Google and Microsoft both have an end to end software and hardware stack. Apple does not. Despite not offering a cloud-based email solution for enterprise customers and schools, Apple has certainly done well with hardware sales. I reported last November that Apple products are now being used in all of the Fortune 500. Many of these folks are using Microsoft or Google for their email. I firmly believe that Apple missed an opportunity to provide organizations with an Apple-focused cloud email solution that would directly tie into Apple Business Manager and Apple School Manager.
I’ve been asked by others if we’d switch now if Apple offered a solution, and I think I would because we are so entrenched in Apple hardware, and I know it would create additional deployment efficiencies.
Joel Rennich, Director of Jamf Connect had this to say about G Suite and Apple:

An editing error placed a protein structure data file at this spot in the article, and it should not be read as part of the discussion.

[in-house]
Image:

“Apple and Google are the software and hardware leaders in education, and integrating between the two is crucial to helping students get the most from their technology in the classroom. Jamf Connect’s integration with Google Cloud empowers our education customers to easily set up and manage local educator and student Mac accounts, while also requiring users to authenticate with their G Suite credentials. This gives admins peace of mind; they know their school hardware and user information are secured, and they’re able to give their students a simplified and seamless start-up experience on the first day of school.”
Is there a reason for Apple customers to run on-site email?